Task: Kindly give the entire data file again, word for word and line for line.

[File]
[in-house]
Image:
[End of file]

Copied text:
[in-house]
Image: